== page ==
Chicago | Reuters — U.S. wheat futures fell on Monday as rains and mild temperatures in key growing areas of the U.S. Midwest and Plains bolstered expectations for harvest, traders said.
The most-actively traded Chicago Board of Trade soft red winter wheat contract sank two per cent and hit a 10-day low. K.C. hard red winter wheat, which tracks the crop grown in the U.S. Plains, fell 2.6 per cent to its lowest since March 31.
“Wheat fell precipitously early and often, hit by chart selling and good rains for the HRW (hard red winter wheat) areas,” Charlie Sernatinger, global head of grain futures at ED+F Man Capital said in a note to clients.
Soybean and corn futures also fell, but the declines were limited amid concerns that the rains that weighed on wheat would slow seeding of crops this spring.
“Weather models agree on above-normal precip(itation) for the northern half of the U.S. in the 10- to 15-day forecast, which could delay planting,” Kevin Stockard, market analyst at CHS Hedging, said in a note to clients.
CBOT May soft red winter wheat settled down 8-3/4 cents at $4.21 a bushel (all figures US$). CBOT May corn futures were 4-1/2 cents lower at $3.66-1/2 a bushel and CBOT May soybeans dropped 2-1/4 cents to close at $9.53-1/4 a bushel.
Soybeans had traded higher early in the session but weakened after a monthly report showed that processors crushed fewer soybeans than expected during March.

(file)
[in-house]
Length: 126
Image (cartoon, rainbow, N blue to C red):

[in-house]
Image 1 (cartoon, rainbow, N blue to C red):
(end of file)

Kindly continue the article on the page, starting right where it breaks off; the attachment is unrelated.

The National Oilseed Processors Association said that its members crushed 153.06 million bushels during March, up from 142.792 million bushels in February. A year ago, the March crush totalled 156.69 million bushels. Analysts had expected a March crush of 156.728 million bushels, based on an average of estimates in a Reuters survey.
Profit-taking added pressure to corn, which hit a five-week high on Thursday.
Large speculators increased their short position in CBOT corn futures in the week to April 11, regulatory data released on Friday showed.
The Commodity Futures Trading Commission’s weekly commitment of traders report also showed that noncommercial traders, a category including hedge funds, increased their short position in CBOT wheat and increased their net-short position in soybeans.
— Mark Weinraub is a Reuters correspondent covering grain markets from Chicago. Additional reporting for Reuters by Naveen Thukral in Singapore.